A study was done to verify these claims, particularly that gas-stripping can substitute microwave technology without prolonging drying times.
Drying Technique Principles
Vacuum Drying: All single-pot processor drying techniques are based on vacuum drying.4 The basic premise is that the boiling point of a liquid is reduced at lower pressures (the boiling point of water at 40 mbar is 28 °C, for example); this results in lower drying temperatures and, thus, less energy input is required to heating the product. The energy required for evaporation is supplied by conduction through the single pot’s heated and jacketed bowl and lid. The contact surface area ratio to product volume is, therefore, very important for the vacuum drying process, and it is this ratio that limits its use in production-scale units: the larger the process vessel, the less favorable the contact surface/volume ratio becomes and the longer the drying times (Figures 1a and 1b).
Gas-Stripping: Gas-stripping enhances vacuum drying by injecting a small amount of gas through the product mass during the drying phase. There are several theories regarding how this works:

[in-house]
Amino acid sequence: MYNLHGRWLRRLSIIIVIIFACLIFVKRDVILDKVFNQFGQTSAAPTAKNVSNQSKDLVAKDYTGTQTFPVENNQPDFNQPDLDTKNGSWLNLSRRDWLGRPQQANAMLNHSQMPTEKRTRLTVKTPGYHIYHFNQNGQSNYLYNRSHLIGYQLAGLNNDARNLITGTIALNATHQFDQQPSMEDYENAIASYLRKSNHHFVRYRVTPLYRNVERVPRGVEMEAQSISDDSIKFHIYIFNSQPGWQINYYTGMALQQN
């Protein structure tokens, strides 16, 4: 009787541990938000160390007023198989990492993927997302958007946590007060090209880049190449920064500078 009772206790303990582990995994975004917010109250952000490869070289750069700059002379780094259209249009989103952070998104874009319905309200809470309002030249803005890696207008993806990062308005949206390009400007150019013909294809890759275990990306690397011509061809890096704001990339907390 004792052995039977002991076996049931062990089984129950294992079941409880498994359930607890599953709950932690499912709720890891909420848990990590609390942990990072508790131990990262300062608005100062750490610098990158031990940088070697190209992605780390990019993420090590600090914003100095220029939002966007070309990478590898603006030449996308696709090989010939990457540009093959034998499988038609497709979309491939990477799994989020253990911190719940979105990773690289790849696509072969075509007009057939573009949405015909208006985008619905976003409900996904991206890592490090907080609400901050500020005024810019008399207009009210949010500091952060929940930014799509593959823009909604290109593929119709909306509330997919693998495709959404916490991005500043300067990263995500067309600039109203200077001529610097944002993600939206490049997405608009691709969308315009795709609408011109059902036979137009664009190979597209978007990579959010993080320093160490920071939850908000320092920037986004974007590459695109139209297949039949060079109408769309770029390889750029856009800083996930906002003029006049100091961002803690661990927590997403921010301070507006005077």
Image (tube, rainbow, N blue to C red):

- by increasing the partial pressure drop over the powder bed in the vessel and thereby improving evaporation
- by improving the heat flow from the wall into the product
- by moisture absorption
- by enhancing the transport of vapor to the vacuum system.
There are, however, some limitations:
- usually, the gas is not heated, so the heated wall is still the only source of drying energy
- the pressure in the vessel may be higher — compared with ‘pure’ vacuum drying — owing to the addition of the gas, which may offset the effect of the improved evaporation rate.